I could tell you to write your state and national representatives, but I have done that myself with disappointing results—not even receiving a lousy form letter in response. The fact of the matter is most of our politicians know little or nothing about early childhood education, and it's certainly not a priority for them. Their ignorance on the subject is one of the reasons why we're in this mess in the first place. In their minds, academic rigor sounds good in 12 grade, 8th grade, 4th grade, and preschool with no distinction. They are clueless about the devastating effects a lack of play, creativity, and socialization in the early years has on young people and society.
With that pessimistic message out of the way, I'm happy to say that the most effective way to help preschoolers is getting involved with the fantastic organization called “Defending the Early Years.” On their excellent website https://www.deyproject.org/, you can join their e-mail list, sign up for updates, and make a tax-deductible donation. There are wonderful articles written by leaders in the movement such as Dr. Nancy Carlsson-Page and Dr. Diane Levin, who advocate for play-based preschools and developmentally appropriate practices. There's information on how you can get involved.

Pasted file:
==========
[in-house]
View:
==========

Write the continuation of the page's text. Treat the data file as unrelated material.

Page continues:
“Defending the Early Years” informs you of the issues and research in early childhood education so you'll feel confident about communicating them to others and becoming an advocate yourself. There are so many misconceptions that parents and the public at large hold that need to be set straight. Many misguided folks believe that kids today are smarter than ever before because of early academic rigor and technology. They don't realize that the decrease in play during the early years corresponds to the rise in serious health issues among children and teens: depression, anxiety, obesity, suicide, and narcissism. They don't realize the decline in creative and critical thinking.